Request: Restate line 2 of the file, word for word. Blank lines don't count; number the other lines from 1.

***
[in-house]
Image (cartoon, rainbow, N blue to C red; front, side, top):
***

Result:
Image (cartoon, rainbow, N blue to C red; front, side, top):